Parkinson



[pahr-kin-suh n] /ˈpɑr kɪn sən/

noun
1.
C(yril) Northcote
[nawrth-kuh t] /ˈnɔrθ kət/ (Show IPA), 1909–93, English author and historian.
noun, Pathology.
1.
a common neurologic disease believed to be caused by deterioration of the brain cells that produce dopamine, occurring primarily after the age of 60, characterized by tremors, especially of the fingers and hands, muscle rigidity, shuffling gait, slow speech, and a masklike facial expression.
/ˈpɑːkɪnsənz/
noun
1.
a progressive chronic disorder of the central nervous system characterized by impaired muscular coordination and tremor Often shortened to Parkinson’s Also called Parkinsonism, Parkinson’s syndrome, paralysis agitans, shaking palsy

1877, from French maladie de Parkinson (1876), named for English physician James Parkinson (1755-1824), who described it (1817) under the names shaking palsy and paralysis agitans.

Parkinson Par·kin·son (pär’kĭn-sən), James. 1755-1824.

British physician who gave (1817) a comprehensive description of paralysis agitans, or Parkinson’s disease, and was the first to recognize (1812) perforation of the appendix as a cause of death in appendicitis.

Parkinson’s disease Par·kin·son’s disease (pär’kĭn-sənz)
n.
A progressive nervous disease occurring most often after the age of 50, associated with the destruction of brain cells that produce dopamine, and characterized by muscular tremor, slowing of movement, partial facial paralysis, peculiarity of gait and posture, and weakness. Also called paralysis agitans.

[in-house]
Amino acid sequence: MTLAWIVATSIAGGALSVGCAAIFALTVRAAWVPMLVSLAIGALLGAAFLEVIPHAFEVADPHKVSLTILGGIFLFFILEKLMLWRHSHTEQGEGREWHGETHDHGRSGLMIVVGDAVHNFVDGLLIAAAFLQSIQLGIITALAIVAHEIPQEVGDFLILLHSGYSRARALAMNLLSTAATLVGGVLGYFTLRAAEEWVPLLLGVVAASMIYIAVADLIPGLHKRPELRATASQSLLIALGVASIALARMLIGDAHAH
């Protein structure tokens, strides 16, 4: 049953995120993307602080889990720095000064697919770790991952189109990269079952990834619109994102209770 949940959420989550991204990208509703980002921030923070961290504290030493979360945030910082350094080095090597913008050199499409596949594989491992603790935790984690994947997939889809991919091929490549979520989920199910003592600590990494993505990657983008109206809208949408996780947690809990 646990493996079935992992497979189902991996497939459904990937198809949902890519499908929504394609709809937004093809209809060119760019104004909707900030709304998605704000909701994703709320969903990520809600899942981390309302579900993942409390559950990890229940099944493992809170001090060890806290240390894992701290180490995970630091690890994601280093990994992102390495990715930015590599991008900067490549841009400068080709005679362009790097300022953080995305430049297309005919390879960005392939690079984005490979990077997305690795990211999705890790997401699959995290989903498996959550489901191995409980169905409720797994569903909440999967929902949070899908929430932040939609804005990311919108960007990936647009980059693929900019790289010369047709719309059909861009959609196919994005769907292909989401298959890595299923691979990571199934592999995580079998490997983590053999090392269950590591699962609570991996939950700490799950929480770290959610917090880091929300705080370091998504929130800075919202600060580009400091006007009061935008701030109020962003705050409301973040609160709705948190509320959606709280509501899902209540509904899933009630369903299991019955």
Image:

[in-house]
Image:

Parkinson’s disease
(pär’kĭn-sənz)
A progressive neurologic disease occurring most often after the age of 50, associated with the destruction of brain cells that produce dopamine. Individuals with Parkinson’s disease exhibit tremors while at rest, slowing of movement, stiffening of gait and posture, and weakness. The disease is named after its discoverer, British physician and paleontologist James Parkinson (1755-1824).

A chronic disease of the nervous system that usually strikes in late adult life, resulting in a gradual decrease in muscle control. Symptoms of the disease include shaking, weakness, and partial paralysis of the face. Certain drugs can help alleviate some of its symptoms.

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    [pahr-kin-soh-nee-uh n] /ˌpɑr kɪnˈsoʊ ni ən/ adjective, Pathology. 1. (sometimes initial capital letter) of, related to, or resembling . parkinsonian par·kin·so·ni·an (pär’kĭn-sō’nē-ən) adj. Relating to Parkinsonism.

  • Parkinsonism

    [pahr-kin-suh-niz-uh m] /ˈpɑr kɪn səˌnɪz əm/ noun, Pathology. (sometimes initial capital letter) 1. . 2. . Parkinsonism Par·kin·son·ism or par·kin·son·ism (pär’kĭn-sə-nĭz’əm) n.



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